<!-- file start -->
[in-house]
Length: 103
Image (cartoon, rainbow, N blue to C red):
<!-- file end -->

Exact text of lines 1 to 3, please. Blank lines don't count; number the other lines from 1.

[in-house]
Length: 103
Image (cartoon, rainbow, N blue to C red):